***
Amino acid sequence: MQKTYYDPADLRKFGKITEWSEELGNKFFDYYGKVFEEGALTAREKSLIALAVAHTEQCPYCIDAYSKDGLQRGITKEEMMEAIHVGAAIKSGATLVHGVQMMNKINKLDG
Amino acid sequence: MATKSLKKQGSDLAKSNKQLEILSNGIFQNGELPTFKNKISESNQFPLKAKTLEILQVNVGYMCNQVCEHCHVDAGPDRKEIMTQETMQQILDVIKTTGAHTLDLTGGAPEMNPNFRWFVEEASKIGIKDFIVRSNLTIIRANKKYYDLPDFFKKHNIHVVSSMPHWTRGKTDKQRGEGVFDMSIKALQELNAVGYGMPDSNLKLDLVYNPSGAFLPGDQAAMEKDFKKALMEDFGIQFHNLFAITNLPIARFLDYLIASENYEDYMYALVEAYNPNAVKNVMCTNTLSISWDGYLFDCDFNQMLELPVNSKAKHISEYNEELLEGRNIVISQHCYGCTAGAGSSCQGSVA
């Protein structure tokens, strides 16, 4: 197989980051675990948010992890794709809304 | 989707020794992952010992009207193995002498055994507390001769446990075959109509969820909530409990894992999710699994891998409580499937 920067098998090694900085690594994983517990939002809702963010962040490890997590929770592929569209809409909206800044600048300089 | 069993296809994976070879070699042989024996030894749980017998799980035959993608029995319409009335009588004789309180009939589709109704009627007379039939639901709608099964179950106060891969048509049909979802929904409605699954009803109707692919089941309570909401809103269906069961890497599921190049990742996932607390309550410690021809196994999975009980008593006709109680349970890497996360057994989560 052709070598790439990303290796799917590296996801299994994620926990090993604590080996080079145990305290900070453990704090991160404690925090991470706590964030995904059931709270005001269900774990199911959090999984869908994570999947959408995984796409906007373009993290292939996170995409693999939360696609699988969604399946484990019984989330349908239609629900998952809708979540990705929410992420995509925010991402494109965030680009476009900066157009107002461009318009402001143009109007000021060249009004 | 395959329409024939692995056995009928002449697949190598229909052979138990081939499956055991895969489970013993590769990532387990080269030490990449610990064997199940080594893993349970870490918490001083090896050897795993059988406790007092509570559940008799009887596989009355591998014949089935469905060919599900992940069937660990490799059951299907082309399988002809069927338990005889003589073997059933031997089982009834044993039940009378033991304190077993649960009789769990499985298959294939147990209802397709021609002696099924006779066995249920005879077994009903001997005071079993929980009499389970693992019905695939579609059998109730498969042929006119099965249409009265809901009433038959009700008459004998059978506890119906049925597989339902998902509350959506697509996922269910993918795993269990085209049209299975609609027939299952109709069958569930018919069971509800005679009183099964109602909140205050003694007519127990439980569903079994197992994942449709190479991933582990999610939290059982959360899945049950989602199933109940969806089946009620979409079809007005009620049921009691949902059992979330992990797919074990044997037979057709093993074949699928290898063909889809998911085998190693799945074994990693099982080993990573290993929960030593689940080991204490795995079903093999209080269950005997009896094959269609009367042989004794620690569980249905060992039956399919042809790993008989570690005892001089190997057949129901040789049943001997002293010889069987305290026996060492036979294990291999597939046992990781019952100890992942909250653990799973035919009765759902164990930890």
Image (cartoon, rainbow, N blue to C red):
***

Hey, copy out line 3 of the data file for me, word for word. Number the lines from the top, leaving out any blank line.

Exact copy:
């Protein structure tokens, strides 16, 4: 197989980051675990948010992890794709809304 | 989707020794992952010992009207193995002498055994507390001769446990075959109509969820909530409990894992999710699994891998409580499937 920067098998090694900085690594994983517990939002809702963010962040490890997590929770592929569209809409909206800044600048300089 | 069993296809994976070879070699042989024996030894749980017998799980035959993608029995319409009335009588004789309180009939589709109704009627007379039939639901709608099964179950106060891969048509049909979802929904409605699954009803109707692919089941309570909401809103269906069961890497599921190049990742996932607390309550410690021809196994999975009980008593006709109680349970890497996360057994989560 052709070598790439990303290796799917590296996801299994994620926990090993604590080996080079145990305290900070453990704090991160404690925090991470706590964030995904059931709270005001269900774990199911959090999984869908994570999947959408995984796409906007373009993290292939996170995409693999939360696609699988969604399946484990019984989330349908239609629900998952809708979540990705929410992420995509925010991402494109965030680009476009900066157009107002461009318009402001143009109007000021060249009004 | 395959329409024939692995056995009928002449697949190598229909052979138990081939499956055991895969489970013993590769990532387990080269030490990449610990064997199940080594893993349970870490918490001083090896050897795993059988406790007092509570559940008799009887596989009355591998014949089935469905060919599900992940069937660990490799059951299907082309399988002809069927338990005889003589073997059933031997089982009834044993039940009378033991304190077993649960009789769990499985298959294939147990209802397709021609002696099924006779066995249920005879077994009903001997005071079993929980009499389970693992019905695939579609059998109730498969042929006119099965249409009265809901009433038959009700008459004998059978506890119906049925597989339902998902509350959506697509996922269910993918795993269990085209049209299975609609027939299952109709069958569930018919069971509800005679009183099964109602909140205050003694007519127990439980569903079994197992994942449709190479991933582990999610939290059982959360899945049950989602199933109940969806089946009620979409079809007005009620049921009691949902059992979330992990797919074990044997037979057709093993074949699928290898063909889809998911085998190693799945074994990693099982080993990573290993929960030593689940080991204490795995079903093999209080269950005997009896094959269609009367042989004794620690569980249905060992039956399919042809790993008989570690005892001089190997057949129901040789049943001997002293010889069987305290026996060492036979294990291999597939046992990781019952100890992942909250653990799973035919009765759902164990930890």